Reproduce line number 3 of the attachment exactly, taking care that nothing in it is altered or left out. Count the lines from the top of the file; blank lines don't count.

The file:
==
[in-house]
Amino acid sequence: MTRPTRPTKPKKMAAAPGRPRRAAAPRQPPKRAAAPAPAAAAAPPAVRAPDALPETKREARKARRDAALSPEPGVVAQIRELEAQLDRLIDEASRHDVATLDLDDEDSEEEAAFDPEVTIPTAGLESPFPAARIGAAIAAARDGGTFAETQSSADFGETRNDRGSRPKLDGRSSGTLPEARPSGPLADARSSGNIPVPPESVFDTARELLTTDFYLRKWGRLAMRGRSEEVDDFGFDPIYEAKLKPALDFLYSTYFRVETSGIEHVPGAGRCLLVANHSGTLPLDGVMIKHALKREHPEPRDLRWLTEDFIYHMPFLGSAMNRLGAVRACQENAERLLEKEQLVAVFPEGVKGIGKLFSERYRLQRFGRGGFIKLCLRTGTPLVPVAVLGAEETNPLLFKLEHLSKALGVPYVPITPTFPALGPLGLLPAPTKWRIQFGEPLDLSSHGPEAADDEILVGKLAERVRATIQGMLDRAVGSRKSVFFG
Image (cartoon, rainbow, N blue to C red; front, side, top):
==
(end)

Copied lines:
Image (cartoon, rainbow, N blue to C red; front, side, top):